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24 May, 2023 12:03

Most Russia-China trade no longer involves dollar – Mishustin

The majority of payments between the two countries are made in national currencies, the Russian prime minister says
Most Russia-China trade no longer involves dollar – Mishustin

Nearly three-quarters of transactions between Moscow and Beijing are currently made in rubles or yuan, Russian Prime Minister Mikhail Mishustin revealed during talks with Chinese Premier Li Qiang in Beijing on Wednesday.

Moscow has repeatedly stated that it considers both the dollar and euro unreliable, as their use in the country’s cross-border transactions has been jeopardized by Western sanctions over the conflict in Ukraine.

70% of cross-border settlements between Russia and China are already conducted in national currencies – rubles and yuan,” Mishustin stated.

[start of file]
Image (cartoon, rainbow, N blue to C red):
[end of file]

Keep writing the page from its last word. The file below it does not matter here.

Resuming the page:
While attending a business forum in Shanghai on Tuesday, the Russian prime minister also noted that the countries’ mutual decision to conduct the majority of transactions in national currencies had significantly bolstered bilateral trade, which is on course to reach a $200 billion target this year ahead of schedule.

While in 2021 only about a quarter of settlements between our countries were made in national currencies, last year it was almost two-thirds,” Mishustin said, pledging to continue to increase “the independence of bilateral financial cooperation and thereby strengthen economic sovereignty.

Last month, Russian Deputy Prime Minister Alexander Novak announced that Moscow would be switching to national currencies in energy trade with all its foreign partners. He said most transactions in this sphere were mostly made in yuan and rubles already, and the country plans to abandon the euro and dollar in energy exports altogether.

Both Moscow and Beijing have stepped up efforts to reduce dependence on the dollar and euro in international trade against the backdrop of last year’s anti-Russia sanctions. President Vladimir Putin earlier suggested that the Chinese yuan should be used more widely in Russia’s foreign trade, not only in transactions with China, but also with countries in Africa and Latin America. Indian policymakers have also taken steps in recent months to shift away from the greenback to rubles and rupees in mutual trade with Moscow.

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